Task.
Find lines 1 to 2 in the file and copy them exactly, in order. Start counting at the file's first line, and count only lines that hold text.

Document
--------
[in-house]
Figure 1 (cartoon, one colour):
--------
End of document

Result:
[in-house]
Figure 1 (cartoon, one colour):